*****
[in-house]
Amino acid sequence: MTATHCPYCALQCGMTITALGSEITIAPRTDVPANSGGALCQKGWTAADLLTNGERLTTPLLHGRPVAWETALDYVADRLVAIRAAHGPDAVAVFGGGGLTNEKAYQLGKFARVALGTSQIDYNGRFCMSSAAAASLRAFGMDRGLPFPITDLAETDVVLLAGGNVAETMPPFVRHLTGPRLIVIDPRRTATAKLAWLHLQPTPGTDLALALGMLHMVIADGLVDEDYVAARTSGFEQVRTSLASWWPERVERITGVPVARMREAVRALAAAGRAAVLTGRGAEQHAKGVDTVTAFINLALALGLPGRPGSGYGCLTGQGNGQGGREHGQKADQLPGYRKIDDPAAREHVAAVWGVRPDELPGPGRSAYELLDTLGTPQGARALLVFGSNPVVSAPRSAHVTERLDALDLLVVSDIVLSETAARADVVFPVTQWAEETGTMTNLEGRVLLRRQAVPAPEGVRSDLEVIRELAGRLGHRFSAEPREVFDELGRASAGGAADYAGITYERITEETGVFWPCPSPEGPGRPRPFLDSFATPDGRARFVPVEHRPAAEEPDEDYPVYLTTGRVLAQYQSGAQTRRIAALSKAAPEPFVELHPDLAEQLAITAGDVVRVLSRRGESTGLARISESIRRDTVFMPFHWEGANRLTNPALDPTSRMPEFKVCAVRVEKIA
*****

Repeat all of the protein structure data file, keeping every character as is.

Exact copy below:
[in-house]
Amino acid sequence: MTATHCPYCALQCGMTITALGSEITIAPRTDVPANSGGALCQKGWTAADLLTNGERLTTPLLHGRPVAWETALDYVADRLVAIRAAHGPDAVAVFGGGGLTNEKAYQLGKFARVALGTSQIDYNGRFCMSSAAAASLRAFGMDRGLPFPITDLAETDVVLLAGGNVAETMPPFVRHLTGPRLIVIDPRRTATAKLAWLHLQPTPGTDLALALGMLHMVIADGLVDEDYVAARTSGFEQVRTSLASWWPERVERITGVPVARMREAVRALAAAGRAAVLTGRGAEQHAKGVDTVTAFINLALALGLPGRPGSGYGCLTGQGNGQGGREHGQKADQLPGYRKIDDPAAREHVAAVWGVRPDELPGPGRSAYELLDTLGTPQGARALLVFGSNPVVSAPRSAHVTERLDALDLLVVSDIVLSETAARADVVFPVTQWAEETGTMTNLEGRVLLRRQAVPAPEGVRSDLEVIRELAGRLGHRFSAEPREVFDELGRASAGGAADYAGITYERITEETGVFWPCPSPEGPGRPRPFLDSFATPDGRARFVPVEHRPAAEEPDEDYPVYLTTGRVLAQYQSGAQTRRIAALSKAAPEPFVELHPDLAEQLAITAGDVVRVLSRRGESTGLARISESIRRDTVFMPFHWEGANRLTNPALDPTSRMPEFKVCAVRVEKIA